A recent survey by the Guttmacher Institute found that nearly half of the American women who responded wish to delay childbearing until the economy improves. Unfortunately, many are also skipping birth control and routine gynecological care to save money.
52% of the 947 women surveyed (PDF) report being worse off financially than they were a year ago, 75% are more concerned about money, and "Sixty-four percent of women agree with the statement, 'With the economy the way it is, I can't afford to have a baby right now.'"
But while 29% agreed with the statement ""With the economy the way it is, I am more careful than I used to be about using contraception every time I have sex," 8% sometimes skipped birth control altogether to save money, and 18% of women on the Pill reported using it inconsistently to cut costs. 23% are having a harder time affording birth control than in the past, and that "rises to one out of three among financially worse-off women."
Beyond the bullet points, the survey shows, as the report puts it, that "Family planning and childbearing decisions are not made in a vacuum, but have always been influenced by broader economic and other external forces." It's hard to believe we needed a survey to demonstrate that, but apparently, it still needs to be said. And while healthcare reform is the issue of the hour, let's not forget what Amie Newman notes over at RH Reality Check:
Pregnancy and cesarean sections can both be considered "pre-existing conditions" for which women are denied coverage. According to Think Progress, most individual health insurance markets don't cover maternity care services either. All of these kinds of policies leave women struggling to pay for the reproductive health decisions they make – in more ways than one.
I spent my entire adult life in Canada until 2005, and when I moved back to the U.S., I started looking at the cost of private health insurance, since coverage doesn't come with a freelance writing career. That was the first time I realized that a "maternity rider" costs a lot extra, and the expense was already so great I chose to gamble and skip health insurance entirely. (I went without it for three years until I got married last winter. Lucky me, being allowed to get married.) I had no desire to have a baby any time soon, but that was the first time it really hit me: I could neither afford to get pregnant by accident nor to be insured just in case. In Canada, I'd taken it for granted that if I got knocked up, my decision about whether to proceed with the pregnancy would be entirely based on my feelings about raising a child. Crossing the border meant I suddenly had to consider the cost of prenatal care and giving birth, let alone keeping the kid in food and shoes. And even for someone financially stable, those costs were great enough to potentially be a dealbreaker. It's ridiculous.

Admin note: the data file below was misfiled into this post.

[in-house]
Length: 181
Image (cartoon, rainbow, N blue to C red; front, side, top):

So it's nice to see a report like this highlighting the role economic considerations play in family planning. Now it would just be nice if we could get it together to address the problem with a more workable solution than "If you can't afford to get pregnant, don't spread your legs."